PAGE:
When I’m walking with John, he smiles and greets everyone on our path.  He knows most of them by name and can tell me something interesting about each one.  He’s amazing.  His seventy-plus-year-old mind is as sharp as ever.  When I stop to think about it, John has been the highlight of my shelter in place, stay at home days.  He’s upbeat, never feels sorry for himself, and although he has to stop now and again to rest, he’s out there doing his thing. 

As much as I selfishly want to walk faster some days, I know there will come a time when I miss seeing John and hearing about his life.  Perhaps divine providence brought me John to slow me down and refine my patience.  He certainly has brought me company along my walks and a smile on those lonely COVID days.  It’s hard to believe that someday I may be out walking the neighborhood, looking for friendship and a listening ear.  I hope you’ll slow down and walk with me, at least to the next street.

Posted in Boo, Relationships

Boo’s Staycation

          I returned home Sunday, from a three-day girl’s weekend.  The four of us have been friends for many years and really treasure our time together to talk, laugh, eat good food and maybe drink a little wine.  As is my custom I usually call or text Boo when I am on my way home.  “Time to kick out the dancing girls and stack up the beer cans!” I joke. 

But, when I walked into the house on Sunday, I was immediately hit with the smell of Fabuloso (think Pine Sol with a big dose of lavender) and charred red meat.

          “Wow Babe, did you clean while I was gone?”  I asked.

          “Oh, you know…I like to have everything looking good for my baby when she gets home.”

          Lest you think I am an ingrate; I know his little secrets.  Fifteen minutes before I walk in the door, he will Swiffer the entry hall, swish Fabuloso in the hall bathroom commode, open the blinds, fold the accent blanket on the couch and for a bonus effect he will start the dishwasher or a load of towels.  This is his “cleaning” routine for his ‘baby’.  It smells Fabuloso, but don’t look too closo.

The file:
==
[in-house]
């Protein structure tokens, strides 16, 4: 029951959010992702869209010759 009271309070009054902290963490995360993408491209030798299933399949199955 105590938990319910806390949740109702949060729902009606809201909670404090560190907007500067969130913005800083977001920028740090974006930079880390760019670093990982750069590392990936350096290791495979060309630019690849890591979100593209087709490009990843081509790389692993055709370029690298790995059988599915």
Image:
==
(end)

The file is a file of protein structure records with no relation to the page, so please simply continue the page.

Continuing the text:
“Did you girls have a good time?”

          “Always!  We talked and laughed the whole time and made a charcuterie board with fresh shrimp on the side.

          “What kind of board?” 

          “Cheese, crackers, olives..just snacky stuff,” I said.

          “Hmmmm.”

          “Enough about me, what did you eat while I was gone?  Something meaty?”

          “Just the usual.  Meat Lovers Pizza Friday night then Saturday, I cooked Baby back ribs on the grill, sausage links, and a New York Strip.  I made salad and a fresh blueberry pie.”

          “Oh, and I opened a can of green beans.” (opened is the operative word.)

Boo’s idea of salad is either iceberg lettuce with croutons and lots of dressing or it is Suddenly Salad, which is not really salad.  Suddenly Salad is a macaroni, mayonnaise and secret packet concoction that has preservatives listed as the number one ingredient.

          “Wow!” I said.

          “I know,” he said with pride.    

          While I’m gone, I know he eats pretzels and M&M’s in bed and sleeps all night with the T.V. on, which is the opposite of the dark, quiet room I like.

          I know he lets the cat sleep with him, in fact she acts indignant when I get home.  She tries to get in on my side of the bed before I can and puts her little head on my pillow.

          I know that days before I go out of town, he is making a secret grocery list with all the essentials:  meat, meat, and more meat.

          I know he made a pie, but I also know there’s a new package of Twizzlers, Caramel de Lites Girl Scout cookies, and Tootsie Rolls open in the pantry.